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Collecting Pottery:
Collecting Old Continental Pottery

FRANCE:
Henri Deux Ware, Etc.
Palissy Ware
Rouen
Nevers
Moustiers
Marseilles
Paris And Its Environs
Strasburg
Niderviller
Lille
Rennes
Glazed Pottery Of France

GERMANY:
Stoneware Of Germany
Faience
German And Other Guilds

SWEDEN, DENMARK, SWITZERLAND:
Stockholm, Rorstrand, and Marieberg

HOLLAND:
Delft
Delft: The Old Signs Of The Potters

ITALY:
Majolica And Luca Della Robia
Caffaggiolo
Diruta
Faenza
Pesaro
Castel Durante
Urbino
Gubbio
Naples, Rimini, Monte Feltro, And Forli
Siena, Monte Lupo, And Pisa
Fabriano, Viterbo, Rome
Venice, Treviso, Bassano, Milan, Etc.

PERSIA AND DAMASCUS:
Persia And Damascus
Persian And Other Tiles
Rhodes, Asiatic Turkey, Etc.

SPAIN:
Hispano-Moresque Ware
Alcora

German And Other Guilds

( Originally Published Early 1900's )



Why was so much of the fine pottery and stoneware of Germany and the Low Countries sent out from the manufactories without the maker's, to say nothing of the decorator's, mark? The answer will be found in the Guild system. The Guild had absolute and entire control over every article produced in the trade. In Delft the Guild of St. Luc, founded in 1611, kept a record of the members of eight professions or trades, which were organised so highly that no person could make or sell anything except under conditions set out in the rules, and severe penalties were inflicted upon unqualified practitioners. This Guild, which is treated at greater length in the Delft section, maintained its register till 1715, and with regard to its autocratic power it may be considered as typical of such bodies, which supervised the faience makers and painters, amongst other trades, until the time arrived when the organised handicrafts formed separate and independent Guilds or companies.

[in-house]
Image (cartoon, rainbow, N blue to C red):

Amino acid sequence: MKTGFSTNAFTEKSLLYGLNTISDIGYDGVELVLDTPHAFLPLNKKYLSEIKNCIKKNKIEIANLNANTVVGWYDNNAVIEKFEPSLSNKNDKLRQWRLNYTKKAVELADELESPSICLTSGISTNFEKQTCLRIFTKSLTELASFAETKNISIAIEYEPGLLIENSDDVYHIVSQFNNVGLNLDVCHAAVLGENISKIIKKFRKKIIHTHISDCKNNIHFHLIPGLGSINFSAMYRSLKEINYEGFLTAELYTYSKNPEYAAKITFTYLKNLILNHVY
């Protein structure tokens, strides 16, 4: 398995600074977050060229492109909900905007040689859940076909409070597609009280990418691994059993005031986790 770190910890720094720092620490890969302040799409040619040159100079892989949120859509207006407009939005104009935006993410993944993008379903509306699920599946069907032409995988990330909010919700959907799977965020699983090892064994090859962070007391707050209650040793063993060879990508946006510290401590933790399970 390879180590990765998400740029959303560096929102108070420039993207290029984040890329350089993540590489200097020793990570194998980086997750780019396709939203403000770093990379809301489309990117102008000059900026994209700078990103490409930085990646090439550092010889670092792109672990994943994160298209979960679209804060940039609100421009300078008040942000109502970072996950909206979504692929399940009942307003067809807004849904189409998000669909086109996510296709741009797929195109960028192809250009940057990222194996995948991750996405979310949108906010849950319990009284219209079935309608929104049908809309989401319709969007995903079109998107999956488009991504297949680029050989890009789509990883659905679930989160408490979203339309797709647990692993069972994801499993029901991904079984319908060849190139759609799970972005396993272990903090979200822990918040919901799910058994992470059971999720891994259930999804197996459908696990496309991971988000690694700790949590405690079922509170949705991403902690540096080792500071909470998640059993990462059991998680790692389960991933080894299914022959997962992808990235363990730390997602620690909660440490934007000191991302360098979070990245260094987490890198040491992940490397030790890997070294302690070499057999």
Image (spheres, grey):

The livery companies of London did not come into existence, for the most part, before the sixteenth and seventeenth centuries, and in them, as in the continental Guilds, the conflicting interests of traders and craftsmen were sources of irritation and disturbance, until the merchant's wealth enabled him to subjugate the workmen. Then monopoly and privilege kept the journeymen down, so that whilst they worked for themselves in producing the ordinary goods for the merchant, they were entirely at his disposal in executing goods expressly to order. The potters manufactured common wares, which the traders sold, but when the latter desired anything of a special character they often supplied the designs. Hence on German wares merchants' marks are found more frequently than those of the actual makers. Even in Delft, where in 1764 the Guild enforced an order that all master-potters should deposit a description of their mark or sign for use upon the ware, many of them never used it, judging from the remarkable specimens of eighteenth-century Delft ware which bear no mark. On the other hand, a very large number of fine pieces have marks which cannot be traced on the Masterbook of St. Luc, nor on the other lists made at various times. The apprentice system was in full operation under special regulations.